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POSTER INFORMATION

Collecting

Unlike other artifacts now sought by collectors, movie posters and lobby cards were never meant to be in the hands of the public. They were manufactured strictly for publicity purposes, and most were discarded after the film had finished its run at a given theater.

Theater owners, particularly in big cities, were encouraged to buy an enormous variety of posters and related publicity for displays to catch the eyes of passers-by. Before the 1940s these items were almost always purchased, then trashed. There are rare instances known of a theater owner or projectionist saving them. In one instance in Canada thousands of (what proved to be) invaluable 1930s posters were carefully taken down and stored, only to be discovered years later by workers doing renovations. Most survived simply by accident.

 Starting in the early 1940s, studios began using a consolidated printing and distribution method (National Screen Service) to handle their posters. Now theaters began to buy publicity goods and return them for a credit. This allowed National Screen Service to use and re-use posters, rather than print new ones. Regional warehouses were set to handle the logistics. Starting with this change posters survived in greater numbers because they were of some possible value down the road to the N.S.S.

There are very few instances of movie poster collecting known before the nostalgia boom of the 1960s, but many caught on quickly thereafter. Generally, finding the posters themselves was the difficulty for collecting pioneers, as a network had not yet developed to connect buyers with sellers. In Hollywood and New York there were specialty shops where you could stumble upon some, and at least three poster exchanges were known to sell off their unwanted back inventory. Naturally, as posters became a commodity sought by the public, clusters of collectors grew around these areas. Texas and Oklahoma, Portland and Memphis became small hotbeds of early collectors, as well as the major metropolitan areas, because of their exchanges.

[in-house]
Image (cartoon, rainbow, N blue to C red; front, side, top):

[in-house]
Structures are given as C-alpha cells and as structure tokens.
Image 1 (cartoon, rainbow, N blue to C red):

The internet, of course, has been a boon to all areas of commerce. There's no longer a mystery to where to find movie posters or anything else, you just need time to sift through the endless offerings on eBay and other online sites. The chances of finding just what you're looking for have increased a thousand fold.

Collateral damage is the demise of the great old poster shops like Cinemonde in San Francisco and, most recently, Movie Star News in New York. It's also opened the doors to a slew of poster reproductions being sold as originals at a level unimagined. Buyers of more contemporary titles have been the main target, though there was a massive scandal aimed at collectors of Universal horror. Today one would be advised to do some basic research before jumping into unknown territory.

Now after fifty years of exhaustive searches for hidden poster treasure troves, one would image that every conceivable title would have surfaced. But that's the beauty of collecting film posters. Here at the Motion Picture Arts Gallery (after thirty years), we still encounter posters we have never seen before. Because of scarcity there is always something new to discover. 

    

This page is set up to answer as many questions as possible, concerning the ins and outs of motion picture art collecting, usually called poster collecting.  

Clicking on the links will bring you to a fuller explanation of the processes. 

 

The Basics of Poster Collecting

What to collect

There are no set rules when it comes to deciding what to collect. Go with what you like. There are many people who will only purchase motion picture art by format, such as lobby cards.  Others opt to collect based on the country of origin, for example, all Italian posters.  Still yet, some collectors prefer to collect only within a particular genre or certain preferred film titles.  The combinations are limitless.  The best way is to go with your instincts.  (For additional information on  collecting motion picture art, see below "Recommended Reading on Collecting".)